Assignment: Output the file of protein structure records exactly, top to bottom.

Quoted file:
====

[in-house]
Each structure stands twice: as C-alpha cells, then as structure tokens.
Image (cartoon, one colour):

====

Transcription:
[in-house]
Each structure stands twice: as C-alpha cells, then as structure tokens.
Image (cartoon, one colour):